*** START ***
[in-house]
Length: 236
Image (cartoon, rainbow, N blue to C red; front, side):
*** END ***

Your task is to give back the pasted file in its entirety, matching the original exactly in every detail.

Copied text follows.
[in-house]
Length: 236
Image (cartoon, rainbow, N blue to C red; front, side):